The wreckage of a light plane that carried three men to their deaths on Dec. 1 was removed Thursday from Lake Roosevelt.
A floating crane hoisted the mangled aircraft from the frigid water 2-1/2 miles north of Kettle Falls as though it were a giant marlin on a fisherman’s line.
The plane was taken to the Colville Airport, where it will remain locked in a hangar for a few days until it is released to its owner.
There was confusion Thursday over who the owner is. Officials said Colville area resident Shawn Arnold has an ownership interest along with the estate of pilot Richard Donley, the registered owner who died in the crash.
“Mr. Arnold had gained an interest in the plane by doing some mechanical work,” Stevens County Sheriff Craig Thayer said.
Arnold could not be reached for comment.
Officials said the uninsured Rockwell Commander Series 112 still has salvage value.
Columbia Navigation owner Eric Weatherman said he feels sorry for Arnold and plans to donate Thursday’s salvage operation that included a barge-mounted crane and two tugboats. He said he hopes the plane’s owner, whomever that is, will reciprocate with a donation to the Tri-County Divers Club.
Three members of the club attached a line to the wreckage so Weatherman and a four-man crew could reel it in.
The water temperature was in the mid-40s, and snow flurries and a chilly wind added to the cold. Diver Dave Shoemaker went aboard one of the tugs to warm up after becoming so chilled his hands wouldn’t move.
Officials say almost all the wreckage was recovered. The engine, which they feared had broken away from the plane, was found folded under the fuselage.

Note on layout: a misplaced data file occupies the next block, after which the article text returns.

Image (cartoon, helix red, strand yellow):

Two agents of the Federal Aviation Administration examined and photographed the wreckage as part of a joint investigation with the National Transportation Safety Board. They declined to comment on what their examination may have revealed.
“It’ll probably be another three or four months before our agency rules on the probable cause of the accident,” said Jeff Guzzetti, the Seattlebased NTSB air safety investigator in charge of the probe.
He said he has some ideas about the cause, but is forbidden to say anything until the agency’s five-member board in Washington, D.C., issues a decision. He said his report to the board will cover interviews with witnesses, police reports and a study of the wreckage.
Thayer said the Sheriff’s Department is still trying to find out why Donley, who has a home in northern Stevens County and a restaurant in Kent, Wash., was carrying two passengers with ties to motorcycle gangs. The fact that those onboard left a dog in a van at the Colville Airport suggested the flight was a local excursion.
Donley, 45, and his passengers - Stevens County residents Michael Wooster, 41, and Daniel Schoonover, 47 - all died. Some law enforcement sources say the plane may have been buzzing the home of another biker shortly before the crash.
The plane was flying north along Lake Roosevelt near the town of Marcus when it banked left and dove toward the reservoir. A witness said the engine was running normally when the left wing hit the water.
, DataTimes ILLUSTRATION: Color photo
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